There has been much discussion (and some excitement) in our house recently about the BlockChain.
Interest is also growing in large financial institutions, and companies are beginning to invest in research & development to ensure that they don’t get left behind.
So will the BlockChain change our lives, or is it a techno dead-end?
I’m not sure, but its time I took a closer look.
BlockChain, is that like Bitcoin?
The BlockChain is a decentralised, distributed, virtual ledger. This means that it is not held on a single server, or controlled by an organisation (like a bank or government) and it maintains all transactions in a sequential database.
In principle the BlockChain could be widely used for securely storing information for a range of applications, but its main application at the present time is for storing transactions for cryptocurrencies such as Bitcoin.
Find an API and get hacking
Back in 2013 I wrote a Bitcoin post where I tried to use an API to extract Bitcoin information and data. The api was badly documented, so it took a lot of experimentation to work out roughly how it was supposed to work.
But things have moved on in two & a half years and there are now many well documented APIs such as the one I chose to explore: https://blockchain.info/api
So I used my Raspberry Pi web server to conduct a few tests. This server already has PHP and Lighttpd installed, so it should have just been a case of cloning the api code from Git and trying a few of the examples in this project.
I started by installing composer from a terminal:-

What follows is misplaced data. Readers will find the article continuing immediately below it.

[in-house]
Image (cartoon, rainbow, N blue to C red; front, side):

curl -s https://getcomposer.org/installer | php
…and added this text to my /home/pi/.bashrc file:-
Composer is a Dependency Manager for PHP, and is required for this example.
I created a folder on my server:-
…and downloaded and extracted the zip here from this Git project.
I then navigated in the file manager to:-
…and hit F4 (this opens a terminal at this location). Then I used the command:-
On a remote computer it should now be possible to access one of the example files using the appropriate url, e.g.
I seemed to have a problem initially with Curl. However, after a bit of fiddling around and a couple of re-boots it all came good.
Just about the most simple PHP software I could come up with is this, which only has 4 lines of code and illustrates how straightforward it is using this api:-
…which calculates the current conversion rate and produces this one line output in a web browser:-
You will find many other APIs on the net of varying complexity including this one, which I understand is quite popular:-
For more detail: Hanging on the BlockChain